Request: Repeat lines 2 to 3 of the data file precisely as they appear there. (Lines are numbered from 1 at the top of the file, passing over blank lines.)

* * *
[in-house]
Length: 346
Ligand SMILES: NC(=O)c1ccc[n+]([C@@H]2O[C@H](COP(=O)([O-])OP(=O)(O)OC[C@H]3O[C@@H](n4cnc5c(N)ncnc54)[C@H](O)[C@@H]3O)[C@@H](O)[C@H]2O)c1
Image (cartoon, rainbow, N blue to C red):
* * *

Length: 346
Ligand SMILES: NC(=O)c1ccc[n+]([C@@H]2O[C@H](COP(=O)([O-])OP(=O)(O)OC[C@H]3O[C@@H](n4cnc5c(N)ncnc54)[C@H](O)[C@@H]3O)[C@@H](O)[C@H]2O)c1